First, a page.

Jay ALFORD, Plaintiff and Appellant, v. COUNTY OF LOS ANGELES, Defendant and Respondent.
Plaintiff and appellant Jay Alford filed a grievance after the Los Angeles County Department of Children and Family Services (Department) placed his name on the Child Abuse Central Index. After a grievance hearing, the Department decided no modification should be made to the previously substantiated allegations of child abuse by plaintiff, resulting in his name remaining on the Child Abuse Central Index. The Department denied the grievance and served its written decision upon plaintiff by mail.
Plaintiff filed a petition for writ of mandate under Code of Civil Procedure section 1094.5, seeking to overturn the decision to keep his name on the Child Abuse Central Index. (All statutory references are to the Code of Civil Procedure.) The trial court granted summary judgment for the Department on the ground that plaintiff's petition for writ of mandate was barred by the statute of limitations. Plaintiff contends the Department did not serve notice of its decision in compliance with the statute and, for that reason, the statute of limitations did not bar his petition. We agree and therefore reverse.
We review a trial court's grant of summary judgment de novo. (Yanowitz v. L'Oreal USA, Inc. (2005) 36 Cal.4th 1028, 1037, 32 Cal.Rptr.3d 436, 116 P.3d 1123.) This case presents an issue of statutory construction that is likewise subject to review de novo. (People ex rel. Lockyer v. Shamrock Foods Co. (2000) 24 Cal.4th 415, 432, 101 Cal.Rptr.2d 200, 11 P.3d 956.)
Section 1094.6 sets the time limits for filing a petition for writ of mandate to obtain judicial review of an administrative decision. Section 1094.6, subdivision (b), provides that where, as here, the agency decision is in writing, any petition challenging the agency decision must be filed within 90 days of the decision becoming final. The decision becomes final on the date the decision is served by first class mail, postage prepaid, including a copy of the affidavit of mailing. Section 1094.6, subdivision (d) provides that if the petitioner files a request for the record of the administrative proceedings within 10 days after the decision becomes final, then the time to file the petition shall be extended to not later than the 30th day after the date on which the record is either personally delivered or mailed to the petitioner.
“The triggering point for the limitations provision in issue is the ‘date on which the decision becomes final.’ ” (Donnellan v. City of Novato (2001) 86 Cal.App.4th 1097, 1104, 103 Cal.Rptr.2d 882 (Donnellan).) Section 1094.6, subdivision (f) requires the agency to provide notice to the party that the time within which judicial review must be sought is governed by section 1094.6. “[T]he 90-day limitations provision of section 1094.6 does not begin to run until the subdivision (f) notice is given.” (Donnellan, at p. 1102, 103 Cal.Rptr.2d 882.)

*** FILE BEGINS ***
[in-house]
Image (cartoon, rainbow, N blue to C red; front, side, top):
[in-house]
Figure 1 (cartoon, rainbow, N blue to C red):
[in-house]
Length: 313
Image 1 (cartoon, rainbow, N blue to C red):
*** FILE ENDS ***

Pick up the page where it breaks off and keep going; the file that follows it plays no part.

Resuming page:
The Department gave notice to plaintiff by mail on October 13, 2015, and plaintiff received it on October 20, 2015. Plaintiff did not file his petition until February 17, 2016, four months after the notice was served. But the notice did not clearly tell plaintiff when the decision became final. First, the notice said the decision “is final,” and that section 1094.6 required plaintiff to file any petition no later than “the 90th day on which the petition is deemed final.” But the notice also said the decision would become final “90 days from the date it is placed in the mail.” The Department's notice stated:
“The decision made by the Director of the Department of Children and Family Services regarding the [Child Abuse Central Index] determination is final. If you disagree with this decision, you can file a petition or other writing for a Writ of Mandate pursuant to California Code of Civil Procedure 1094.5, and request a review of the decision in the Los Angeles Superior Court. Timelines for filing Writs of Mandate are governed by California Civil Code of Procedure 1094.6. This statute requires you file any petition or other paper seeking review no later than the 90th day on which the decision is deemed final. The decision will become final 90 days from the date it is placed in the mail. However, this time period can be extended if, within 10 days of the decision becoming final, you make a request for the record of the proceedings and deposit an amount which is sufficient to cover the estimated cost of preparation of the record. If this occurs, you will be allowed an additional 30 days from the date the record is available, to file a petition.” (Italics added.)